Anat-Yahu and the Jews at Elephantine 

Show simple item record Mondriaan, Marlene Elizabeth 2014-06-06T09:52:00Z 2014-06-06T09:52:00Z 2013
dc.description.abstract Important Aramaic papyri documents have been discovered at the fortified city on the island of Elephantine in the Nile River. These documents describe, inter alia, the lives of a group of Jewish mercenaries and their families who lived there during the sixth and fifth centuries B.C.E. They probably originated from the former kingdom of northern Israel. Documents attest to an excavated Jewish temple where sacrifices were offered to YHW. The inhabitants of the seventh century B.C.E. northern Israel consisted mainly of Israelites and Aramaeans. They worshipped many deities or forms of divine manifestation. This religious pluralism was presumably carried over to Elephantine. Several of these papyri contain references to YHW, the most significant being an oath in the name of Anat-Yahu. The aim of this article is to illustrate that the possible veneration of Anat-Yahu by the Jews at Elephantine could support the much-debated theory that the Israelites believed that Yahweh had a consort. en_US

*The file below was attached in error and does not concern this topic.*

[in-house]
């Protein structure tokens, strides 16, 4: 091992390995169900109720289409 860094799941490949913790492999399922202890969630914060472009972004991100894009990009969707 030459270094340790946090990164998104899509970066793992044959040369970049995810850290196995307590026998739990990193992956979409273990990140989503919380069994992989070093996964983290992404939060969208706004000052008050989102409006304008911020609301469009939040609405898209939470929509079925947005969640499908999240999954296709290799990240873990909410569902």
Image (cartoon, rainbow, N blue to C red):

dc.description.librarian am2014 en_US
dc.description.uri en_US
dc.identifier.citation Mondriaan, ME 2013, 'Anat-Yahu and the Jews at Elephantine', Journal for Semitics, vol. 22, no. 2, pp. 537-552. en_US
dc.identifier.issn 1013-8471
dc.language.iso en en_US
dc.publisher Unisa Press en_US
dc.rights Unisa Press en_US
dc.subject Anat-Yahu en_US
dc.subject Jews en_US
dc.subject Elephantine en_US
dc.subject Aramaic papyri documents en_US
dc.subject Kingdom en_US
dc.title Anat-Yahu and the Jews at Elephantine  en_US
dc.type Article en_US

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